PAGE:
What were the reasons for İmamoğlu’s win? Turkish mayoral elections showed that democracy is still deeply rooted in people’s minds and that Erdoğan’s autocratic measures have in many places reached the ceiling of people’s tolerance, especially in larger cities, which are traditionally more secular and liberal. There is an ever-growing division of population caused by the government’s rule in the last two decades, which is best visible in the recent election result, as Istanbul, capital Ankara and CHP’s bastion Izmir, three largest cities in Turkey, all elected opposition candidates, while AKP maintained the offices in more conservative parts of country.

Another vocal point for support of opposition is worsening economic situation, a former pillar of Erdoğan’s political successes. Lastly, the election of İmamoğlu demonstrates growing support of CHP after the presidential race in 2018, in which their candidate Muharrem Ince, having only a few months for the campaign and very limited space in media coverage, managed to place himself as a serious threat to Erdoğan.

On one hand, victory in all major Turkish cities is a big boost for CHP as Istanbul itself contributes to more than a third of the Turkish economy and governing the city has enormous importance in domestic politics. Also, elections showed that Erdoğan’s tactics of verbal attacks are losing its efficiency, as Imamoglu, ever so calm, never reacted to the numerous accusations depicting him as an elitist and a supporter of terrorists and Greeks.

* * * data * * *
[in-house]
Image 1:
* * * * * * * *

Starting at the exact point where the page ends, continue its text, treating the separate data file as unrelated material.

On the other hand, control over the country is still fully in hands of Recep Tayyip Erdoğan, who, after the constitutional changes in 2018, has the power to replace İmamoğlu at any moment. Although such an action is highly unlikely, it only illustrates how powerful a position of president is. Therefore, in the short run, major changes in Turkish politics are not expected.

Still, İmamoğlu placed himself as a leading representative of the opposition, gaining a lot of support with his moderate approach, tranquillity and positiveness, all represented in his campaign slogan “Her şey çok güzel olacak” simply translated into “Everything’s going to be great”. As next elections in Turkey are only planned in four years, a resurgence of CHP does not need to cause a major headache to Erdoğan yet, but if İmamoğlu continues to add on his popularity in years to come, he will most surely be a serious competitor in the run for the presidency in 2023.

On that year people will be celebrating the 100th anniversary of the Turkish Republic, İmamoğlu could be seen as a person who has a capacity to direct Turkey back to the tracks of secular, democratic and modern state set by its founder Mustafa Kemal Ataturk.

Žiga Faktor



[1] Official results of Anadolu Agency
[2] In 1994-1998 Erdoğan was elected Mayor as a member of far-right Islamist Welfare party, later banned by the constitutional court which later led into the creation of AKP
[3] HDP only supported the Alliance of CHP and Iyi Party in Istanbul elections
[4] Official results of Anadolu Agency
[5] Turkish people were casting votes for Mayor of City/Province, Local government and District Mayors